Except for stability property, boundedness and attractor are also foundational concepts of dynamical systems. They play an important role in investigating the uniqueness of equilibrium, global asymptotic stability, global exponential stability, the existence of periodic solution, its control and synchronization [31, 32], and so on. Recently, ultimate boundedness and attractor of several classes of neural networks with time delays have been reported. Some sufficient criteria were derived in [33, 34], but these results hold only under constant delays. Following, in , the globally robust ultimate boundedness of integrodifferential neural networks with uncertainties and varying delays was studied. After that, some sufficient criteria on the ultimate boundedness of neural networks with both varying and unbounded delays were derived in , but the concerned systems are deterministic ones. In [37, 38], a series of criteria on the boundedness, global exponential stability, and the existence of periodic solution for nonautonomous recurrent neural networks were established. In [39–41], the ultimate boundedness and attractor of the stochastic Hopfield neural networks with time-varying delays were discussed. To the best of our knowledge, for stochastic neural networks with mixed time delays, there are few published results on the ultimate boundedness and weak attractor. Therefore, the arising questions about the ultimate boundedness, weak attractor, and asymptotic stability of the stochastic Hopfield neural networks with mixed time delays are important yet meaningful.
The left of the paper is organized as follows and some preliminaries are in Section 2, Section 3 presents our main results, a numerical example and conclusions will be in Sections 4 and 5, respectively.
Consider the following stochastic Hopfield neural networks with mixed time delays: where is the state vector associated with the neurons, , represents the rate with which the th unit will reset its potential to the resting state in isolation when being disconnected from the network and the external stochastic perturbation; , and represent the connection weight matrix; , denotes the external bias on the th unit; and denote activation functions, , ; are the diffusion coefficient matrices; is one-dimensional Brownian motion defined on a complete probability space with a natural filtration generated by ; there exists a positive constant such that the transmission delay satisfies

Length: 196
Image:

The initial conditions are given in the following form: where is -valued function, -measurable -valued random variable satisfying is the Euclidean norm, and is the space of all continuous -valued functions defined on .
Let , , where Then system (1) can be written by Throughout this paper, the following assumption will be considered.
(A1) There exist constants , , and such that
Remark 1. It follows from  that under the assumption (A1), system (1) has a global solution on . Moreover, under assumption 1, it is not difficult to prove that and satisfy the local Lipschitz condition in .
The notation (resp., ) means that matrix is symmetric positive definite (resp., positive semidefinite). denotes the transpose of the matrix . represents the minimum eigenvalue of matrix . Denote by the family of continuous functions from to . Let be the family of all continuous nonnegative functions defined on such that they are continuously twice differentiable in and once in . Given , we define the functional by where and .
The following lemmas will be used in establishing our main results.